When John Hick (1922- ) published a collection of essays entitled God Has Many Names back in 1982, he wasn’t the first writer to adopt the notion that all the religious traditions are, at core, one, and that the differences in religious practices and doctrines are the result of the different locales and cultures in which humans find themselves. There have been others, including the poet and artist William Blake, who, late in the eighteenth century, wrote and illustrated a little book called All Religions Are One.
But it is Hick who has made the fullest argument for this notion. His grand theory is spelled out in great detail in his 1989 tome, An Interpretation of Religion, which is tellingly subtitled Human Responses to the Transcendent.
Who is John Hick?
The first thing he tells us in an autobiographical essay is that as a child, he was taken every Sunday to an Anglican church, where he found the services infinitely boring.
Many of us, Anglican or otherwise, recognize the sentiment. But none of us have spent our lives moving from a brief fling with theosophy, converting to fundamentalism, joining the Presbyterian Church of England, becoming a conscientious objector, joining an ambulance unit during World War II, writing a few theological books before moving to Birmingham, England where, it seems, there were large Muslim, Sikh, Hindu, and Jewish communities, which provided friends with whom he found common ground. The latter experience led him to see the world religions as just so many responses to the Eternal One, the divine Reality that seeks “to be known and responded to by man, and [seeks] through man’s free responses to create the human animal into (in our Judeo-Christian language) a child of God, or toward a perfected humanity.”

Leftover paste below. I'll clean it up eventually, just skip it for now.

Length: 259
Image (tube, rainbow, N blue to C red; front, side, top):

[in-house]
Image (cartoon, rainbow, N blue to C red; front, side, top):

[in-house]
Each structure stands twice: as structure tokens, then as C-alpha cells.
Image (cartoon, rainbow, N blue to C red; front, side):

To be brief, this vision bought him trouble with Christian authorities but later led to his selection to give the prestigious Gifford Lectures that became An Interpretation of Religion.